671. The Powers vested in the Federal Government, in relation to certain Specified objects of general utility, comprehend

I. A Power" to promote the progress of Science and the useful Arts, by securing, for limited times, to authors and inventors, the exclusive right to their writings and discoveries."

672. Before the American Revolution, the right of property of authors and inventors in their inventions and discoveries, was made a question in England; and it was finally settled by a Judgment of the House of Lords, reversing an almost unanimous decision of the Court of King's Bench, that this right had no foundation in the Common Law.

673. Even those Judges in the Court below, who, reasoning upon different principles, arrived at the opposite conclusion, seem to have been perplexed with the indefinite nature of such a right, and embarrassed by the consequences of admitting it.

674. To deprive men of genius of the right to the profits of invention was, on the one hand, discouraging to the useful arts, and injurious to the progress of learning and science; whilst, on the other hand, an unlimited right to the exclusive enjoyment of the fruits of genius and discovery, although for a time it might stimulate both, would, in its consequences, levy a perpetual tax on posterity, and impede the progress of invention itself.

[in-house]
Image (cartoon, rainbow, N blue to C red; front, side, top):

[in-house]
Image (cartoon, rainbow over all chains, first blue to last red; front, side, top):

675. Yet, to deny to inventors the fair profits derivable from their talents and exertions, seemed to bé at variance with the dictates of natural justice and liberal policy, as it was, in effect, to deny to genius its appropriate reward; and to withhold from the powers of intellect, one of the strongest stimulants to their activity.

676. The existing Statute, enacted in the reign of Queen Anne, limiting the rights of authors and inventors to a term of years, was regarded as a compromise by which their claims were acknowledged, their rights defined and protected, and their reward secured; whilst a public interest was effectually cre ated, and its benefit transmitted to posterity.

677. With this Statute, and this decision before them, and with a full knowledge of the principles and policy on which both were founded, the several States ceded to Congress the power "to promote the progress of Science and the useful Arts, by securing, for limited times, to authors and inventors the exclusive right to their writings and discoveries."

678. The English Law had limited the right to a term of years; the Power ceded by the Federal Constitution was to secure it for limited times; the former restricting the right to a definite term; the latter adopting the same principle, but leaving the quantum of interest to the discretion of Congress.